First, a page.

Happy Tuesday, friends. Welcome to Part 6 of our seven-part series about how Peyton Manning plays offense. Today, we’ll cover the seven-step passing and screen games. Later this week, we’ll close out the series, and then it’s on to Draft coverage.
Here are links to the first five parts of the series if you need to catch up on something:
As I mentioned on Wednesday, the Manning offense tends to revolve around the three- and five-step passing games, particularly the five-step version. The seven-step game takes a long time to work and requires better protection, generally with fewer receivers in the pattern.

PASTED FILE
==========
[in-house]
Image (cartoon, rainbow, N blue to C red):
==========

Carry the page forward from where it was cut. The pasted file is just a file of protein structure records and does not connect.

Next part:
Manning says he's still basically living at Dove Valley, although that's probably something of an exaggeration. Judging by his secretive nature, he probably already bought a house in the area. Of course, the practice nut seems very excited to have started the official, albeit voluntary, portion of the offseason.
Meanwhile, Miller says his injured thumb is still only at 85%, while Decker's knee is free of pain. The third-year wideout says he is already familiar with the "new-age" techniques utilized by strength coach Luke Richesson from having worked out at API the past couple years.
We've known this for several weeks now, but did not pass it along to our readers because we thought there was still a small chance the Broncos might sign Dallas Clark. As it turns out, Albert Breer was probably right. Jason Cole confirmed that Clark is likely done playing (at least for the year) at age 33: